UK - Employee benefits specialist Gissings is moving its third-party administration business out of London but denies the move has been driven by cash constraints.
The consultant has transferred the division and the majority of staff – who service clients including the MTL Instruments and the United Technologies schemes – to Hemel Hempstead.
The move follows its decision to make 19 staff redundant across all areas of its business as part of a cost-cutting programme.
A source inside Gissings said the firm had been hit by “cash compensation payments” to settle its part in the personal pensions mis-selling review. In total, more than a million people have received compensation after being wrongly advised to leave final salary schemes.
The source said: “Gissings claims it has made the necessary accrual for the pensions review and it has all been written off. But the general belief is that it has still got a major overhang there and it has to minimise costs in all directions.”
A Gissings spokeswoman denied the claims.
She said the administration business was moving out of London simply because of capacity constraints – but she admitted growth had not met expectations.
She added: “Over the past few years, Gissings has increased its cost base in anticipation of continued growth.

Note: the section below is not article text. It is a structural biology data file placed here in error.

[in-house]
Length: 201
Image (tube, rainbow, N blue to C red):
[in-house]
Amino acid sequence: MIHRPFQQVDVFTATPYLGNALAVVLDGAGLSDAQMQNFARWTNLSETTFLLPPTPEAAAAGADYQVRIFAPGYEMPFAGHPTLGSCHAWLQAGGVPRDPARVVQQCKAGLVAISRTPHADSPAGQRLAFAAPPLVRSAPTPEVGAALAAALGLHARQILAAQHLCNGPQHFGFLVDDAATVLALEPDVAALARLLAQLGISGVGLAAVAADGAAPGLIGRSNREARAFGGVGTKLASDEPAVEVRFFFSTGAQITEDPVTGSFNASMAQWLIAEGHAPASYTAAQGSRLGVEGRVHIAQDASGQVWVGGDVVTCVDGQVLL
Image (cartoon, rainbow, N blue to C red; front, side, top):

“This past financial year the company did not grow as much as projected.
“Like many others we have had to look at ways to reduce expenses in the current economic climate, which will inevitably include staffing costs. The redundancies were not made as a result of costs incurred in the pensions review. Gissings budgeted for the expected final costs of the pensions review last year.”
Hyperbolic discounting and political temptation: Why Brexit-fuelled AE reversal would be a 'monumental' mistake
The home secretary has suggested AE should be scrapped in the event of a no-deal Brexit. Darren Philp explains why this would be misguided
The trustees of the Kodak Pension Plan No.2 (KPP2) have said it will likely enter the Pension Protection Fund (PPF) in "due course" after reviewing the scheme's investment in Kodak Alaris.
A US company has completed a £285m pensioner bulk annuity for around 1,100 of UK members with Legal & General (L&G).
Former BHS chief Dominic Chappell has been accused of trying to rewrite history as he seeks to overturn a conviction for failing to hand over information to the regulator.